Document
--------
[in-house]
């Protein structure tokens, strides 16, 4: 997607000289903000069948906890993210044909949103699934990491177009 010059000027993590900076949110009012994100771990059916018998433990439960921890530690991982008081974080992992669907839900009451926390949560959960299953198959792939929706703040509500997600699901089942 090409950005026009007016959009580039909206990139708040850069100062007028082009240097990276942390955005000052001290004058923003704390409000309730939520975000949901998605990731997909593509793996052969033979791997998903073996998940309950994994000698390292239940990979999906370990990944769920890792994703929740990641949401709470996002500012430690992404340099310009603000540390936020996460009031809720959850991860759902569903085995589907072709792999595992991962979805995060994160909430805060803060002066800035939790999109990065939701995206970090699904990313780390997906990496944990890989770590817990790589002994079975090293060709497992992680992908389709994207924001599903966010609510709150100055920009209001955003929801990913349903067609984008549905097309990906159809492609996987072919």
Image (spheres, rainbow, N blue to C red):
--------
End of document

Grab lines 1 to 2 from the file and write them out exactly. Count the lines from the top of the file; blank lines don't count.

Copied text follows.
[in-house]
């Protein structure tokens, strides 16, 4: 997607000289903000069948906890993210044909949103699934990491177009 010059000027993590900076949110009012994100771990059916018998433990439960921890530690991982008081974080992992669907839900009451926390949560959960299953198959792939929706703040509500997600699901089942 090409950005026009007016959009580039909206990139708040850069100062007028082009240097990276942390955005000052001290004058923003704390409000309730939520975000949901998605990731997909593509793996052969033979791997998903073996998940309950994994000698390292239940990979999906370990990944769920890792994703929740990641949401709470996002500012430690992404340099310009603000540390936020996460009031809720959850991860759902569903085995589907072709792999595992991962979805995060994160909430805060803060002066800035939790999109990065939701995206970090699904990313780390997906990496944990890989770590817990790589002994079975090293060709497992992680992908389709994207924001599903966010609510709150100055920009209001955003929801990913349903067609984008549905097309990906159809492609996987072919």